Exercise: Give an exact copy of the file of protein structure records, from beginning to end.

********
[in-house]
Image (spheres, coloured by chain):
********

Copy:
[in-house]
Image (spheres, coloured by chain):